As director of the Office of Public Liaison, I have one of the best jobs at the Department of Labor (DOL). I am honored to lead a team whose mission is not only to deliver DOL’s policy messages to a diverse stakeholder community including trade associations, companies, think tanks, unions and faith-based organizations, but also to listen and provide responses to their labor issues. We sit down with more than a dozen groups each week and nothing is more professionally gratifying than to hear how the deregulatory efforts of President Trump and DOL have benefited both employers and employees.

Start with the DOL’s Office of Compliance Initiatives (OCI), an office created based on the premise that the vast majority of employers want to comply with the law and do right by their employees. It is great to point to OCI’s balanced approach reflected in its dual websites, employer.gov and worker.gov. DOL wants employers and employees to have information at their fingertips.  If OCI’s philosophy were to be distilled to a bumper sticker, it would be to “educate rather than litigate.”

Additionally, DOL has embarked on an aggressive agenda to end the practice of “policy by pamphlet.” Rulemaking is “in” and sub-regulatory actions are “out.” Formal rulemaking with adequate notice, transparency and robust public comments equals good policy.  The pervasive use of sub-regulatory guidance that hid the decision making process from the public that was prominent in the last Administration is no longer standard practice. DOL has successfully tackled job-killing, sub-regulatory actions related to joint employer and independent contractors.

The economic good news has come nearly every month.  According to the Bureau of Labor Statistics, there have been 17 straight months of the unemployment rate at or below 4%. Likewise, President Trump’s economic policies and DOL’s deregulatory actions contributed to the 5.7 million jobs created since January 2017.

Discussions with the business community invariably focus on the skills gap and their need for more skilled workers. There are nearly 1.4 million more open jobs than people to fill them. One thing DOL has done to address this problem is to propose the Industry Recognized Apprenticeship Programs Rule to enable businesses to more easily educate and train workers in high-demand fields.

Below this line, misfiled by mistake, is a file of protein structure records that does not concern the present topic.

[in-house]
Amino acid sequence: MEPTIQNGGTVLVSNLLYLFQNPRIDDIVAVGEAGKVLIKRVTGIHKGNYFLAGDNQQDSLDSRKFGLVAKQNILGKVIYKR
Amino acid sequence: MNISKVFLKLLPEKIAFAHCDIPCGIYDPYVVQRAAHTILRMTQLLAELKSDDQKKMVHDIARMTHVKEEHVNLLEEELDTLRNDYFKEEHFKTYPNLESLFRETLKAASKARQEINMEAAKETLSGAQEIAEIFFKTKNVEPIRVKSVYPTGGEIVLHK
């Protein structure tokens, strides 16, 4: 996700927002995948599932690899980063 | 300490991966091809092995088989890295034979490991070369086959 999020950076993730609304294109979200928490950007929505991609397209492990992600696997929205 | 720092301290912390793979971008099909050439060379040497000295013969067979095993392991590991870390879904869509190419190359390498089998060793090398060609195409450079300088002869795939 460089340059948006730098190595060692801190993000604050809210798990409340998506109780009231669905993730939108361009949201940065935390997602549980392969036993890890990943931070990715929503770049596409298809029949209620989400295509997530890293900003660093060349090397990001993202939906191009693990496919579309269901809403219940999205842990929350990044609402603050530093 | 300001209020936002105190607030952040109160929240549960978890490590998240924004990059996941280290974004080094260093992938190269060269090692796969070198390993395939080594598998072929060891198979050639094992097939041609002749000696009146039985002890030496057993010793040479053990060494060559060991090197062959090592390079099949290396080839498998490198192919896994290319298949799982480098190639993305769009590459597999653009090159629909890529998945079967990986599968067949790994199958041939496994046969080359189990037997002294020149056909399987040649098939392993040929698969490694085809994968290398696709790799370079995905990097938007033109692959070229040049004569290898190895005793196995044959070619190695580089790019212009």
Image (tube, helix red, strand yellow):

Further, DOL is proud to support President Trump’s “Pledge to America’s Workers,” which will benefit more than 13 million workers through work-based learning programs, continuing education, on-the-job-training, and re-skilling over the next 5 years.

Yet another recent pro-employee DOL rule is one that would help strengthen retirement security for many who work at small businesses. Through Association Retirement Plans (ARPs), small businesses would be able to band together to offer these retirement plans to employees.

I believe the aforementioned deregulatory actions by President Trump and DOL clearly show what benefits one side does not have to come at the expense of the other.  We recognize the dignity of work that should accompany every job in every workplace in America. The Office of Public Liaison has an overabundance of good news to discuss with stakeholders across the Nation and we look forward to continue that engagement on behalf of DOL agencies.

Dean Heyl is the director of the Office of Public Liaison at the U.S. Department of Labor.

(1) comment

Iman

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